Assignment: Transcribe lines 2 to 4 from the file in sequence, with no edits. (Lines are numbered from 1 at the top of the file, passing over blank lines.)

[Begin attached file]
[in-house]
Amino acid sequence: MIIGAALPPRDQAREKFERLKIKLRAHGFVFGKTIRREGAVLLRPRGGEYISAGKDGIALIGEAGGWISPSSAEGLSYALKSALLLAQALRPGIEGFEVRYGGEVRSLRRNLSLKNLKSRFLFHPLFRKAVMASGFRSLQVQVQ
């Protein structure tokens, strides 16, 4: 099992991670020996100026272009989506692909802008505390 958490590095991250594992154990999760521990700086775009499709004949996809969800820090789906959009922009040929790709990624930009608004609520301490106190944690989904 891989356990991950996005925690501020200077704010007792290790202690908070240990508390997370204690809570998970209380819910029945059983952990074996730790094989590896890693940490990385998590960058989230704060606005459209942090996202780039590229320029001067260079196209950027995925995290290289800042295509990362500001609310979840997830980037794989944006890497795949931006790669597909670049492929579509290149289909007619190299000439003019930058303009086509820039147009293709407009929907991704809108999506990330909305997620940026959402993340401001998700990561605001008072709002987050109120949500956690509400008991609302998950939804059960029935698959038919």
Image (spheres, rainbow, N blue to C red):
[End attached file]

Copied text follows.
Amino acid sequence: MIIGAALPPRDQAREKFERLKIKLRAHGFVFGKTIRREGAVLLRPRGGEYISAGKDGIALIGEAGGWISPSSAEGLSYALKSALLLAQALRPGIEGFEVRYGGEVRSLRRNLSLKNLKSRFLFHPLFRKAVMASGFRSLQVQVQ
């Protein structure tokens, strides 16, 4: 099992991670020996100026272009989506692909802008505390 958490590095991250594992154990999760521990700086775009499709004949996809969800820090789906959009922009040929790709990624930009608004609520301490106190944690989904 891989356990991950996005925690501020200077704010007792290790202690908070240990508390997370204690809570998970209380819910029945059983952990074996730790094989590896890693940490990385998590960058989230704060606005459209942090996202780039590229320029001067260079196209950027995925995290290289800042295509990362500001609310979840997830980037794989944006890497795949931006790669597909670049492929579509290149289909007619190299000439003019930058303009086509820039147009293709407009929907991704809108999506990330909305997620940026959402993340401001998700990561605001008072709002987050109120949500956690509400008991609302998950939804059960029935698959038919």
Image (spheres, rainbow, N blue to C red):